We use the terms art and fine art so interchangeably. Is there really a difference? Yes, and knowing the difference can make you a more savvy collector. Let’s delve a little deeper into what designates fine art together.
Types Of Art?
Have you ever seen a child’s macaroni collage or added “clip art” to a community newsletter? There are rows and rows of wall decorations available at big box home decor stores. We call many things “art” in our everyday lives, but not every creative act is considered fine artistry.
We Admire Skill & Creativity
You might consider cooking, tattooing, quilting, or hair styling an artistic act because it’s creative, expressive, and performed with an impressive skill level. Many of these talents involve imagination and personal touches.
Most of the time, these crafts also serve a functional purpose. A meal is meant to be eaten, a quilt keeps us warm, and a tattoo or hairstyle accents our style.
How Is Fine Art Different?
On the other hand, fine art is created specifically to be aesthetically pleasing, thought-provoking, or to express a feeling. These types of artwork are showpieces meant to simply be on display and viewed or listened to instead of serving a specific everyday function.
While a beautiful cake may look appealing, it is also meant to be consumed. A cake painting is mainly meant to be admired and is created specifically for that purpose. These pieces are meant to be experienced, judged, and enjoyed.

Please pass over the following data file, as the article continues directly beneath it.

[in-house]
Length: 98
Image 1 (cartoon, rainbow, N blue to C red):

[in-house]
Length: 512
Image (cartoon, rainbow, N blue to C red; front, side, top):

The 7 Fine Arts
There are 7 main fine art disciplines. Some of these might be surprising if you think of creativity as something you can only experience in a gallery or museum. Beethoven, Charles Dickens, and Emily Dickinson are considered fine artists, right alongside René Magritte or Leonardo da Vinci.
You can watch a ballet, read classic literature, or admire a sculpture and be experiencing fine art.
What About Photography?
Still confused? We don’t blame you. Photography, for example, is not generally considered fine art. Many museums and galleries display photographic collections and exhibits, however. Many people also collect photography and display it in the same areas as paintings and sculptures.
The Limited Edition Difference
One reason behind this might also explain the difference between all those posters and prints at the home decor store and Limited Edition paintings. Photography and cheap paper prints are usually easy to create and reproduce. Owning one copy doesn’t feel very special or valuable.
When you own a Limited Edition, it is usually numbered and comes with documentation of authenticity. You also have peace of mind that your painting has been created to last with the highest-quality materials.
Visit A California Fine Art Gallery
Ready to experience fine art for yourself? We invite you to stop by the Thomas Kinkade galleries of Carmel, Monterey, and Placerville, California. Our friendly, knowledgeable Art Consultants look forward to meeting you and helping you find a Limited Edition painting to compliment your space and express your unique, elevated taste.